Welcome to Capsule—your weekly dose of health-care news, where we give you a recap of this week’s highs and lows for key players in the industry. You can expect us every Friday morning as a bookend for your week.
As the U.S. inches toward the 2020 presidential election, expect the debate surrounding Medicare for All to heat up. I know it doesn’t seem possible that the temperature could rise given the controversy to date, but you can bet there will be more nit-picking on specifics as candidates introduce and support individual bills.
In the meantime, let’s soak up the 571 days of (relative) rest we have before we have to make a decision.
Here’s who ended the week on a high note:
Short-Term Plan Skeptics
- State insurance regulators are on the prowl for misleading marketing about short-term health insurance plans that don’t cover all the essentials required under the Affordable Care Act, Sara Hansard reports.
- State regulators are examining the advertising of these plans as industry observers predict a jump in their sales. The plans typically don’t cover pre-existing conditions or include comprehensive benefits, as plans are required to do under the ACA.
- Democrats in the meantime are pushing to scale back those types of plans, Hansard writes. Legislation that would re-establish restrictions on short-term plans advanced out of committee and is being teed up for a full House vote.
- Obamacare is also gaining unlikely allies, Lydia Wheeler reports. Conservatives who don’t like the law are asking a court to keep it in place and just address the constitutionality of the part that imposed financial penalties on people who don’t buy health insurance.
Medicaid Work Horses
- The federal government is trying to overturn decisions blocking Kentucky and Arkansas from requiring some Medicaid recipients to work, Mary Anne Pazanowski reports.
- The U.S. Court of Appeals for the District of Columbia Circuit now will review the decisions, which are seen as a blow to the Trump administration.
- So far, 15 states including Michigan, Ohio, and Virginia have asked the HHS to approve new Medicaid work rules, according to data compiled by the Kaiser Family Foundation, a health research group.
- Individual pharmacies could dodge thousands of dollars in after-the-fact fees from drug intermediaries as part of a final rule under review at the White House, Madison Alder writes.
- On average, the fees charged to community pharmacies after the transactions with patients cost $100,000 a year per each pharmacy, National Community Pharmacists Association CEO B. Douglas Hoey told Alder.
- Community pharmacies said the fees damage their bottom line without lowering the prices patients pay. The final version of the rule that would cut out those fees was sent to the White House for review last week. That’s the last step before publication.
It was a bleak week for others. Here’s whose Thursday closed on a downswing:
- The cost for 22 drugs shot up more than 500 percent per dose from 2013 through 2017, according to a Bloomberg Law analysis of Medicare Part D data recently released by the federal government.
- The data show that a relatively small percentage of drugs make up a disproportionate share of the spending totals for Medicare Part D. For example, 77 drugs out of the nearly 2,900 covered under Medicare’s primary prescription plan were responsible for slightly more than half of total spending in 2017, according to the analysis.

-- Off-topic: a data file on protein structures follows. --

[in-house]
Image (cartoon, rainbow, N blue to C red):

- That means the federal government’s drug budget is being drained thanks to roughly 2 percent of the drugs covered in Medicare Part D. The government is the largest drug purchaser in the U.S., but it can’t seem to stem the spending. Madi Alexander, Alex Ruoff and I break down the trends here.
- Alex Ebert tracked state legislation related to abortion access, and he found state legislatures introduced more than 170 bills restricting abortion in 2019. These types of bills are flying through GOP-controlled state legislatures at a time when advocates are looking for a case that could overturn the constitutional right to abortion nationwide.
- An anti-abortion advocate says the legislative groundswell is a direct response to the appointments of Justices Neil Gorsuch and Brett Kavanaugh to the U.S. Supreme Court.
- Meanwhile, the federal government is arguing it should be allowed to enforce new rules prohibiting health-care providers that receive federal family planning program money from discussing abortion with their clients, Mary Anne Pazanowski reports.
Drug Supply Chain Links
- Executives from the most prominent drug middlemen were pulled in to testify before Congress this week. It resulted in two U.S. Senators asking the Inspector General of the Health and Human Services Department to investigate a practice by pharmacy-benefit managers known as spread pricing, Anna Edney and Robert Langreth of Bloomberg News write.
- Several states are also probing pharmacy-benefit managers’ business practices in government-sponsored health programs, adding to the scrutiny the middlemen face in Washington for their role in the cost of drugs, Langreth reports.
- Insulin manufacturers are a primary target in the larger debate on drug prices because of substantial price increases for the medicine and the fact that diabetes sufferers can’t live without it. I break down some of they key questions surrounding insulin here.
Thanks for joining us this week and have a great weekend. I’m all ears when it comes to your 2 cents, tips, critiques, or coordinating exclusive interviews. Send them my way at email@example.com.
To read more from Pharmaceutical & Life Sciences News pleaseOR Request Trial